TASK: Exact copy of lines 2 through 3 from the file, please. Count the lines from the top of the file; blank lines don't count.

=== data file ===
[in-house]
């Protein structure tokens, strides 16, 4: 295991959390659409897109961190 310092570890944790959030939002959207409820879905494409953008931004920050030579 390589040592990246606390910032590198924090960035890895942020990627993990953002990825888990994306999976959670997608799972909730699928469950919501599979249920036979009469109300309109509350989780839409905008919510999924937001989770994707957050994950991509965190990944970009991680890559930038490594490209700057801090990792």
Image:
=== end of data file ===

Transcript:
């Protein structure tokens, strides 16, 4: 295991959390659409897109961190 310092570890944790959030939002959207409820879905494409953008931004920050030579 390589040592990246606390910032590198924090960035890895942020990627993990953002990825888990994306999976959670997608799972909730699928469950919501599979249920036979009469109300309109509350989780839409905008919510999924937001989770994707957050994950991509965190990944970009991680890559930038490594490209700057801090990792």
Image: